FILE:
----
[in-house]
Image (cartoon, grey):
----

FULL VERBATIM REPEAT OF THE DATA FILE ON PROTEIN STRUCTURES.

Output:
[in-house]
Image (cartoon, grey):